10. Theophrastus says:

    Dannii: It appears that you are of the opinion that all of the concepts in the Bible can be expressed clearly in everyday English. I don’t want to put words into your mouth, but it appears you may hold that view.

    If that is in fact your opinion, then I am not certain how you would justify it. The Hebrew Bible is often written in Hebrew that to us appears strange, obscure, and ungrammatical; the NT has heavily Semiticized Greek.

    One can of course ask the question “how can one best adapt the Bible into everyday English” — but even that “best” adaption into everyday English may fall far short of what we can achieve with more technical vocabulary.

    If I pick up a chemistry or biology text, I don’t expect it to be written in everyday English — and indeed, even much classic English literature is not in everyday English. Why should I expect this of a Bible translation that strives for accuracy?

  11. Dannii Willis says:

    Theophrastus, I do think that all Biblical concepts can be expressed clearly in everyday English, although at the expense of succinctness – it might take an long essay to express some concepts. This is where jargon is useful: we can use succinct terms in our translations while also writing good dictionaries that explain the terms in clear everyday English.

    That said, I wouldn’t consider a translation that always just gave into jargon to be a “better Bible”. Sometimes it’s worth finding a way to express something in everyday language. There is some delicate balance to be reached, a balance that will be unique to each translation. Perhaps one of the major differences between the NCV, NLT, NIV, ESV and the RSV is how much of a “jargon quota” the translators found acceptable. I’m of the opinion that much of the jargon in Biblish could be replaced with everyday English, and should be.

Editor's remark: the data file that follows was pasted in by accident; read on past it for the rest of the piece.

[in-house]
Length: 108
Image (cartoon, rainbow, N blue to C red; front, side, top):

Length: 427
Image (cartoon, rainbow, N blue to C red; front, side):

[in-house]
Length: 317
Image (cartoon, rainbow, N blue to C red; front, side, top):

This post is the beginning of a new idea for me though. I guess previously I had the idea that the jargon-status of a word was largely static. Biblish was jargon, known only to the educated insider and unknown to the outsider. But that’s an incomplete picture. Some jargon is known to the outsider, but incorrectly or incompletely. Some jargon didn’t used to be jargon. Some jargon may not be in the future.

    What do we do when we can’t find a clear everyday alternative for a major concept in the Bible? How do we translate iconic terms? Should we fight the jargonisation process? What about when there is everyday language that communicates clearly, but it also brings along some extra baggage (maybe through minor alternative meanings) that the source language didn’t have?